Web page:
The BlackBerry Bold 9000, launched in 2008. (Image credit: Shutterstock / Andrey Blumenfeld)

The arrival of the iPhone in 2007 is often said to have marked the end for BlackBerry devices, but the company was actually able to hold its own for a number of years after iOS and Android rose to prominence. In other words, people were still content with their BlackBerry hardware.

According to Tatsis, the company’s fall from grace had more to do with software. The most significant mistake, she says, was BlackBerry’s failure to establish a marketplace for third-party applications, like the Apple App Store or Google Play Store.

“The key problem was the lack of applications available on our devices versus others at the time. We didn’t have the platform that a large application ecosystem provided,” she explained.

In 2015, BlackBerry eventually moved its phones over to Android in an effort to rectify the dearth of apps, but by that time its competitors had muscled their way into favor.

But there were other mistakes, too. For example, the company stuck doggedly to the physical keyboards for which it was best known, underestimating the flexibility of the touchscreen and value of the additional screen real estate.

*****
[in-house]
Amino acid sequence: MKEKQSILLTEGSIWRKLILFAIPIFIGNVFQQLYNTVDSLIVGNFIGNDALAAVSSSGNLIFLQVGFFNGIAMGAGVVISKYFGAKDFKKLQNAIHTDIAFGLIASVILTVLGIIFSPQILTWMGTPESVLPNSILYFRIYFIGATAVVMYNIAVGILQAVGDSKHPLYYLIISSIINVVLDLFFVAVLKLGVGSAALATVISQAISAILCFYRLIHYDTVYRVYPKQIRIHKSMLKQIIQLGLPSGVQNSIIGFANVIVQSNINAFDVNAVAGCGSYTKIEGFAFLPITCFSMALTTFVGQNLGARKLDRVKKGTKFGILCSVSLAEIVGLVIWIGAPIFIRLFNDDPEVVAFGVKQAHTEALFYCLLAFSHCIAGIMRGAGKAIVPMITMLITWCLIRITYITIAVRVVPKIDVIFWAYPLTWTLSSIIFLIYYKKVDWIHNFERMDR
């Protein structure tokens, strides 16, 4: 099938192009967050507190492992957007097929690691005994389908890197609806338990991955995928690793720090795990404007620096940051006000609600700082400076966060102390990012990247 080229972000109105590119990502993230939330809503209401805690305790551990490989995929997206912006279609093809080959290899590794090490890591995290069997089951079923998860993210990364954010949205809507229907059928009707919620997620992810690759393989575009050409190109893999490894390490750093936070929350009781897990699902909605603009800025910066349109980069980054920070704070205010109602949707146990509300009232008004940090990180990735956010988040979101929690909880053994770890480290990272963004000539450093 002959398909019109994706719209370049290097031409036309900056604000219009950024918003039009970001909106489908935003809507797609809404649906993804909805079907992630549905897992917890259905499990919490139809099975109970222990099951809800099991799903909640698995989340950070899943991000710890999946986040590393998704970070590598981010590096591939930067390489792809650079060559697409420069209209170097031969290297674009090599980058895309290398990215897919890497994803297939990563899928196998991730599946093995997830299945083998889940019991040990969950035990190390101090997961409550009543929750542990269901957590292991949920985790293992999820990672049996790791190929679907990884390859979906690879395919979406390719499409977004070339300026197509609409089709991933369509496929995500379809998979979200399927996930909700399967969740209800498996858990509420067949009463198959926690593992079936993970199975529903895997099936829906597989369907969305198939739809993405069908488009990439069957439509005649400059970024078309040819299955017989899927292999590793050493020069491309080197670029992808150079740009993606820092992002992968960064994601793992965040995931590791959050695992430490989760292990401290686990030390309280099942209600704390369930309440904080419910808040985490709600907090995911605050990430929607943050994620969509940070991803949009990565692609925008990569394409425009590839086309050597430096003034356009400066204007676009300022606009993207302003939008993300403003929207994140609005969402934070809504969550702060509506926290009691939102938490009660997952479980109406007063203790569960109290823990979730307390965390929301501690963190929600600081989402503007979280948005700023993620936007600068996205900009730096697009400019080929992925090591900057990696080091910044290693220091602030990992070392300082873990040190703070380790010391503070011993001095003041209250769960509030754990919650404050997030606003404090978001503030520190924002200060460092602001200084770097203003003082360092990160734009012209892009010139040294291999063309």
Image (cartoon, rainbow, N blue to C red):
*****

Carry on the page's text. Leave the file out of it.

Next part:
BlackBerry was also insistent on maintaining its focus on the business market, despite the broad appeal of its devices. Although BlackBerry phones remained popular among businesses and government agencies, pressure from workers to support iOS and Android devices ultimately forced the hand of IT departments.

Squeezed out of its main market by new players who had more accurately identified the areas of opportunity, BlackBerry was left with no choice but to pivot.

The rebirth

The switch from hardware to security was the brainchild of John Chen, who took on the role of CEO at BlackBerry in 2013.

When it was first announced that the company would exit the hardware business, Chen unveiled a three-pronged strategy; BlackBerry would licence its branding, embed its technology into non-BlackBerry smartphones and extend its software to help secure the growing number of IoT endpoints.